Smokin Baboons

Winnipeg, Canada

#8 Jan 30, 2014
Allen wrote:
Their are some people who are so allergic to the smoke that inhaling it can send them to the hospital.
All people are allergic to cig smoke. Its a testament to the body it can tolerate it at all, but more so long term. Personally I know guys who died by 50 because they smoked since their teens.
Mick

Nicholasville, KY

#9 Jan 30, 2014
Smokin Baboons wrote:
<quoted text> All people are allergic to cig smoke. Its a testament to the body it can tolerate it at all, but more so long term. Personally I know guys who died by 50 because they smoked since their teens.
I know genetics can play into how well the body can handle it.
Dan

Omaha, NE

#10 Jan 30, 2014
Allen wrote:
Their are some people who are so allergic to the smoke that inhaling it can send them to the hospital.
Then they should stay home.

The rest of the world shouldn't be expected to accommodate them.

Since: Jul 13

Location hidden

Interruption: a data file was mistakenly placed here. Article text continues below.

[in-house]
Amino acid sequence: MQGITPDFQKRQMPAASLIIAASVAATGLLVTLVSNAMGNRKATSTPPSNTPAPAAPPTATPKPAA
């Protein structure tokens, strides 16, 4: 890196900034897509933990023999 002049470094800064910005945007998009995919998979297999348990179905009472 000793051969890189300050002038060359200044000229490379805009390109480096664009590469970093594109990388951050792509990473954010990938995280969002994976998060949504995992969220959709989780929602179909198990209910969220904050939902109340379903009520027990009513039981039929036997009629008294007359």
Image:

#11 Jan 30, 2014
Dan wrote:
<quoted text>
Then they should stay home.
The rest of the world shouldn't be expected to accommodate them.
You are expecting the rest of the world to accommodate a bunch of weak willed nicotine addicts who would sooner see their kid die of SIDS than to smoke somewhere that the second hand smoke does not affect anyone. Thanks to people like me, it isn't going to happen.
Allen

Nicholasville, KY

#12 Jan 30, 2014
Dan wrote:
<quoted text>
Then they should stay home.
The rest of the world shouldn't be expected to accommodate them.
Fortunately laws being changed in most counties and you can stay home with your filth. Who wants to go around someone smelling like a dirty old ashtray. I guess your addiction to nicotine is more important than someone's life.
Dan

Omaha, NE

#13 Jan 30, 2014
bud_schmones wrote:
<quoted text>
You are expecting the rest of the world to accommodate a bunch of weak willed nicotine addicts who would sooner see their kid die of SIDS than to smoke somewhere that the second hand smoke does not affect anyone. Thanks to people like me, it isn't going to happen.
The poster made note of someone who's allergies are so severe that one whiff of cigarette smoke would consign them to the hospital.

This being the case, this person would be ill-suited to venture out in public. I mean, you can't simply wave a wand in the hopes that any and all things that other people do won't offend, annoy or impact you in any way./if it's not smoke, it's perfume or something else. You can style yourself as a crusader, but you're declaring that your enemy is "people" in general. They do things you don't like or that annoy you, and by God, you'll see to it that they stop. Bravo. Good luck with that.